Cheers!

  6. Anonymous says

    Hi Jason. A bit outside this topic, I wanted to ask if you’ve considered buying Leggett & Platt (LEG)? It’s a divident aristocrat, and with a recent price drop you can get a fair yield with an ok P/E of 15 or something. Any particular reason why you’ve stayed outside so far?

    Best, Toni/Finland

    • says

      Toni,

      LEG was mentioned by Steve earlier. I was actually quite interested a while back around $22/share, but passed because I was deterred by the slow dividend growth. That may have been a mistake, because they’ve been humming very nicely since then. The P/E ratio is reasonable and the yield is attractive. I’m not sure how the future growth looks with this company, however. I imagine a moat exists due to manufacturing scale and distribution, so that could be a positive. I’d imagine the furniture/fixtures/furnishings industry is highly fragmented, no?

      Thanks for dropping by and sharing the idea. :)

      Best wishes.

  7. says

    Nice choice. I’m thinking of picking up XOM as well. I’m waiting until an agreement is made on the debt ceiling first, I doubt they would let the US default, but I prefer not to weather the panic leading up to octover 17th

    • says

      Kevin,

      It’s tough to say what’s going to happen. Anything is possible in Washington right now. I could have waited, but when I sat down and thought about it I currently have north of $130k already invested. This XOM investment was a little more than $1,700. Which pool of capital has a greater chance (in absolute amounts) of negative consequences from political events? Obviously, the former. I’m not going to suddenly divest everything because of political games, so why then wouldn’t I continue to invest?

      Just some things that run through my mind. :)

      Best regards!

  8. Anonymous says

    I can’t believe IBM is lower than what I bought it a few months. Thinking of purchasing more! Also bought coke yesterday in a big chunk. There are definitely some (few) bargains out there! This is more of a sale. Looking for a clearance specials.

    • says

      Anonymous,

      IBM is looking very attractive here. I already like my tech exposure, but I might not mind selling off the rest of my INTC holdings and reinvesting that into IBM. That would keep the weighting the same and possibly increase the overall quality of my portfolio. It’s something I’m thinking about.

      KO also doesn’t look too bad. I wasn’t a fan at $40, but it’s since fallen 10%. It’s crossed the 3% yield mark, which is something that doesn’t happen too often. I may increase my position slightly here. I don’t think it’s a steal, but KO rarely is.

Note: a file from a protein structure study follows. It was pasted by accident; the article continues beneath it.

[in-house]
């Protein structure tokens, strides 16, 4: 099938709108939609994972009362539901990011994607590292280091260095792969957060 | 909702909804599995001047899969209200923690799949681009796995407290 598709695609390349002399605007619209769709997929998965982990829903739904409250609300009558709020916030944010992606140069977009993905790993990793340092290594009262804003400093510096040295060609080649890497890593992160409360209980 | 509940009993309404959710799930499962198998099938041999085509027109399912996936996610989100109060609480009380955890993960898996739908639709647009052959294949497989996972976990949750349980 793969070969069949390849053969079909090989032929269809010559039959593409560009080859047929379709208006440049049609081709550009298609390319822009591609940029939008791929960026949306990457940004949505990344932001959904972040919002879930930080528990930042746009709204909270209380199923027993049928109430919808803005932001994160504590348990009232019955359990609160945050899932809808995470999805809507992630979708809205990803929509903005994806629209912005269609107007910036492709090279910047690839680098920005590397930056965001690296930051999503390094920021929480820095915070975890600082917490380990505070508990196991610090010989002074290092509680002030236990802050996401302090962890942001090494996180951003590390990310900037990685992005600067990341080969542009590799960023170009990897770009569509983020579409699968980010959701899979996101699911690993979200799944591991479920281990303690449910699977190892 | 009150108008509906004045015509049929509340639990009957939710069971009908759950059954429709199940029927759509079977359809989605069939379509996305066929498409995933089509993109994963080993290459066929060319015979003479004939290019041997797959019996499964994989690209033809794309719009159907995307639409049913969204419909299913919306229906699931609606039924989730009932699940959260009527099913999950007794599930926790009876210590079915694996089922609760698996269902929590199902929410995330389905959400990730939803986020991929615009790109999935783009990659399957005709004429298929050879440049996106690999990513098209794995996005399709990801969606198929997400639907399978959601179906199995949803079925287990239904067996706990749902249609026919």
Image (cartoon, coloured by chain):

Let’s hope we see continued sales. :)

      Take care.

  9. Anonymous says

    Du you consider the sector-distribution in your portfolio before you hit that buy-button?

    In what sector would you like to increase your weight in?

    My dividend growth machine is distributed as:
    Financials (Many REITs etc.) 22,2%
    Consumer Staples 18,7%
    Consumer Discretionary 17.3%
    Information technology 9,4%
    Energy 7,9%
    Industrials 5.9%
    Utilities 5,4%
    Health Care 4.8%
    Telecommunication Services 4,6%
    Materials 3,7%

    Where would you (and if other readers here like to comment) like to be stronger if you where me? How does your own distribution look like?

    Best Regards
    Per, Sweden

    • says

      Anonymous,

      I consider sector allocation, but it’s not my primary concern when investing. I don’t have exact portfolio targets, because I think that would be overdone. However, I do have general ideas on where I want to be and my portfolio is always changing and morphing with new capital. That being said, I prefer consumer discretionary/staples, energy, healthcare and industrials over the rest.

      I personally would not feel comfortable with a 22% allocation to financials. That’s just me. That is probably the riskiest sector of all, so being a fairly conservative investor I shy away from that a bit. That being said, I’m probably a bit heavier than I’d like to be right now there.

      I lump utilities and telcoms all in one because they operate very similarly. They typically have large infrastructure (and debt) and provide a ubiquitous product/service. Just the same as you can’t do without electricity, it’s almost impossible to get by without a telephone. I wouldn’t want to be more than 10% here long-term. That’s the same as where you’re at. I’d be comfortable with a bit less than this, but the higher yields are tough to pass up for current income.

      I’d weight energy higher than you do, along with healthcare. I’d put industrals somewhere around 10%.

      Maybe-

      Financials – 10%
      Consumer Staples – 15%
      Consumer Discretionary – 15%
      Information Technology – 5%
      Energy – 15%
      Industrials – 10%
      Utilities – 5%
      Healthcare – 15%
      Telcoms – 5%
      Materials – 5%

      That’s just off the top of my head. Again, I don’t try to lock these down into perfect allocations. I tend to look at my portfolio as this evolving, organic machine. The weights change all the time, but as long as I don’t go too crazy in one sector I’m not particularly enamored with (namely tech and utilities) or become too out of whack (a 30%+ weighting to any one sector) I think I’ll be okay.

      I hope that helps!